A week ago I picked up the first of a fantasy series by Maria V Snyder: Poison Study. I started reading it, immediately engaged with the characters and found it was a book I didn’t want to put down. Many other books I read I have little difficulty abandoning when there might be something else to do, like farting about on Twitter and Facebook, playing a game of Candy Crush or going for a swim. This one kept hold of me, and even kept me down on an uncomfortable sun bed when a carafe of wine was calling. I also didn’t feel any need for a break to read something else when I finished it and immediately picked up Magic Study. This was just as good and I polished it off over a couple of days. I’ve now stuck Fire Study in my backpack and am looking forward to starting that.

Sunday, June 23, 2013

Trophies and Flowers

Sunday 16th June

Here then is the front cover and full jacket of Jupiter War. What you’re seeing here on the front cover is an upright robot and a spidergun, while the full jacket shows a battle scene later in the same book. As always there are things I could say don’t fit – while the spidergun should be there that upright robot shouldn’t – but as always it’s an excellent picture that captures the spirit of the thing. It is real art, which always adds something.

 Monday 17th June
On Friday evening we went to our favourite restaurant for a meal and unfortunately have to admit that we’re finding it less favourable each time we go there. In our first years there we enjoyed the food, enjoyed watching Stelios and Nico do their dance and Nico occasionally doing something crazy like walking on his hands between the tables. Last year because of costs and the Greek thing of family first, Nico was given the boot and replaced by a family member who didn’t last. Things were a bit less good there but still we enjoyed the food wine and atmosphere. But the atmosphere has been degrading a little because of financial worries and the three brothers running the place have been smiling less, and now we have the cherry on the top. The Gabbiano gets most of its trade from the hotel opposite which is generally occupied by Scandinavians. I don’t know why, but now there are more Scandinavian families there. Too often we’ll go for a meal to find ourselves eating out in the nursery with screaming food-chucking ‘little darlings’ everywhere, while the waiters just look harried and smile not at all. Oh isn’t it wonderful how he expresses himself as he yells and runs around! Also, being smokers who have been subject to the ‘denormalization process’ for many years we’re finding it difficult to relax and spark up a rollie, aware of the glares with their subtext of, ‘How dare those people smoke around my precious offspring, and don’t they know about the instant death caused by second-hand smoke?’ We’ll be going elsewhere now.

On Sunday evening we went with neighbours Chris and Terry out for an evening at a restaurant near Sitia (love how the grapes grow there). This evening’s sole purpose is to gather up money for a local dog charity. They are looking after a lot of dogs though, I have to add, there are ten less now since a Greek local thought it might be an idea to break in and poison the dogs.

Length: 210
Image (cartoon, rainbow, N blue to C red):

Anyway, on this evening there is usually a raffle and a quiz, but this evening it was something different. There were 5 teams of four people. First off was a dart match during which each member threw 3 darts and the scores were totted up. We won that by dint of Chris and I scoring over 80 with our throws, which no-one else did. And here is our prize, of which we have shared custody. I’ve no doubt that if my brother Paul sees this he’ll laugh while thinking of his boxes of trophies in his loft – including one for winning the Essex Super-league.

Next it was Pictionary. This dragged on a bit since we were last up and when we had our go we came second. I got the highest number of correct guesses from my pictures but then that wasn’t surprising when my list was: fork, bacon and eggs, smell and T-shirt while my only failure was Groucho Marx.

Tuesday 18th June
So, the BBC story this time was about China running a trial ‘carbon exchange’. The presenter claimed this exchange was needed as she then conflated it with the ‘debilitating’ pollution in Beijing. Now, a carbon exchange concerns the buying and selling of the right to emit CO2: a colourless, odourless trace gas and plant food. This stuff does not debilitate humans until orders of magnitude higher than the present few hundred parts per million in the atmosphere. If you burned all the fossil fuels on the planet you still probably would get nowhere near ‘debilitating’ levels of CO2. So, are the reporters, managers and everyone involved in producing this program item pushing left-wing propaganda, lies and half truths? It seems likely that they are, what with cooling-chimneys as a backdrop to the report – these look ominous but produce neither pollution nor CO2 because what’s coming out is steam. Or are they all as thick as a box of turnips? I have to add that of course the former does not exclude the latter.

Thursday 20th June